Lushu Mythology in “Classic of Mountains and Seas“
In Mount Niuyang, there is a kind of auspicious creature called the Lushu. Its body shape is similar to a horse, but it has a white head. Its body is patterned like a tiger, yet its tail is red. The sound it makes when it roars is like a person singing. It is said that whoever wears its fur will be blessed with many descendants.
《山海經 · 南山經》杻陽之山，有獸焉，其狀如馬而白首，其文如虎而赤尾，其音如謠，其名曰鹿蜀，佩之宜子孫
Lushu folklore story
In ancient times, at the southernmost tip of China, there was a mountain known as Mount Niuyang. This mountain was home to a strange wild beast that resembled a horse in overall appearance. It had a white head, tiger-like stripes on its body, and a strikingly red tail that glowed like fire. However, its behavior was neither like a horse nor a tiger, but more akin to a deer. It spent its days merrily frolicking in the forest, emitting sweet, melodious sounds that were ethereal like bird songs and fluctuating like ballads. The birds and beasts of the forest believed it to be a spirit of the woods.
At the foot of Mount Niuyang, there was a human tribe. Generations of people had lived there, hunting in the forest and fishing in the river for their livelihood. One day, the forest spirit, Lushu, accidentally fell into a trap set by the tribe. Injured, its usually serene and joyful calls turned into a sorrowful ballad, echoing through the forest. The person who set the trap heard its song and discovered the injured spirit in the pit. Moved by its plaintive melody, the people couldn’t bear to harm it. They tenderly dressed its wounds with herbs and released it back into the forest.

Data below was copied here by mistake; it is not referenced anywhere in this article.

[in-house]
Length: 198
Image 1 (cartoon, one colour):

The Lushu, touched by the kindness of these humans, plucked a tuft of its fiery red mane with its mouth and offered it to them as a gift before departing with a cheerful song. As it left, the dark forest lit up with a newfound brightness. The people, marveling at the beauty of the fiery red hair, which looked like burning threads, wore it with pride. However, they never saw the beautiful spirit again.
Not long after returning to their tribe, those adorned with the red hair noticed something miraculous: their wives were bearing children, not just one but many. This was an incredible event for the primitive, isolated tribe. As time passed, the tribe’s population began to grow exponentially, far surpassing other tribes.
They carefully preserved the red hair given by the Lushu and distributed it to newlywed women in the tribe. They firmly believed that the red hair symbolized the continuity of fire and an ever-increasing population. Thus, the legend of the Lushu and its gift of prosperity and fertility became an integral part of their heritage and culture.
In today’s Hainan Island in China, there is a legend called ‘Deer Looking Back.’ A Li ethnic youth chased a roe deer from Wuzhishan for nine days and nights, pursuing it all the way to the coast of the South China Sea. Suddenly, the roe deer stopped, stood at the edge of a cliff, and turned to look back at the Li youth. Its eyes were clear, beautiful, yet filled with a helpless and poignant sadness. Captivated by this scene, the youth was stunned and dropped his bow and arrows. The sky brightened with colors, and in an instant, the roe deer transformed into a beautiful Li ethnic girl. From that moment, they fell deeply in love.
Lushu in real world
Regarding the Lushu, scholars have proposed three possibilities:
First, the Lushu might be a zebra. This is because zebras have tiger-like stripes on their bodies. However, some scholars argue that zebras lack one feature: they definitely do not have a red tail like the Lushu.
Second, the Lushu might be a Okapi . Like the zebra, the Okapi also originates from Africa, and its appearance matches the description of the Lushu in the ‘Classic of Mountains and Seas.’
Third, the Lushu could be a Quagga. This is the most convincing theory. It’s a subspecies of the zebra, with a white head, clear tiger-like stripes on its upper body, and a brownish rear half. It has strong, endurance-capable limbs. Originating from Africa, it is now extinct.
Other Page: Chang’e: Chinese Goddess Flying to the Moon